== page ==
Reading Exercise: Climate Activist Greta Thunberg
Greta Thunberg was born in Stockholm, Sweden, in 2003. Her mother Malena is a famous opera singer, and her father Svante was an actor until he quit to look after Greta and her little sister Beata. Greta was a shy girl who didn't say much at school, and this led to bullying by some of the other kids. It got so bad that Greta became very depressed and even stopped eating. She lost a lot of weight and could have died if her parents hadn't found specialist doctors with a treatment plan that worked. Her mum and dad also found her a new school, and making new friends also helped her to recover and become interested in the wider world again.
Greta first learned about climate change when she was 8 years old. Even at that young age she could see it was a serious problem, and the more she learned as she grew older, the more worried she became. She learned that carbon dioxide (CO2) was one of the greenhouse gases causing global warming and climate change, and that airline flights released many tonnes of CO2 into the atmosphere. Nearly everyone she knew said the climate crisis was very serious, but they also made it worse by flying all over the world for their holidays. Everyone was saying the right things, but nobody was doing the right things. So Greta decided to do something about it.
She had heard about workers going on strike to demand better pay, and imagined students going on strike to demand more action against climate change. She told her friends about her idea, but none of them seemed interested in joining her. Instead of giving up, Greta asked her dad to take her to a building supplies store where she bought a board and some paints. Then she made a big sign and painted the words "School Strike for the Climate" in Swedish. She also printed flyers full of facts about the climate crisis. After breakfast on August 20 2018, she rode her bicycle to the Swedish parliament where the government met. Svante rode behind her, carrying the sign. After sending her dad home, Greta found a good spot to set up her sign and sat down on her cushion with her flyers by her side.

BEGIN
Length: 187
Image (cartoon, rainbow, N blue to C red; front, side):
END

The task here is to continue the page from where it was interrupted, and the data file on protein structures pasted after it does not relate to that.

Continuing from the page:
She asked a passer-by to take a photo of her and posted it on her Twitter account. Even though she only had around twenty followers, it was retweeted dozens of times. Within a few days she was being interviewed by reporters, other kids had joined her, and she was being supported by Greenpeace activists and others. Greta's life would never be the same again.
In December 2018, just a few months after starting her strike, Greta was invited to speak at the United Nations COP24 Climate Change Conference in Poland. Her heart was beating fast as she nervously waited to be asked to speak. Watch the video below to see what happened next.
My name is Greta Thunberg. I am 15 years old. I am from Sweden. I speak on behalf of Climate Justice Now!. Many people say that Sweden is just a small country and it doesn't matter what we do. But I've learned you are never too small to make a difference. And if a few children can get headlines all over the world just by not going to school, then imagine what we could all do together if we really wanted to. But to do that, we have to speak clearly, no matter how uncomfortable that may be.
You only speak of green eternal economic growth because you are too scared of being unpopular. You only talk about moving forward with the same bad ideas that got us into this mess, even when the only sensible thing to do is pull the emergency brake. You are not mature enough to tell it like it is. Even that burden you leave to us children. But I don't care about being popular. I care about climate justice and the living planet.